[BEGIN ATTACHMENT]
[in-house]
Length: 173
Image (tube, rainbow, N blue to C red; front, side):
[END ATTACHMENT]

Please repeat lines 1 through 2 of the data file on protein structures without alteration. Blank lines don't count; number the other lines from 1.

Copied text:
[in-house]
Length: 173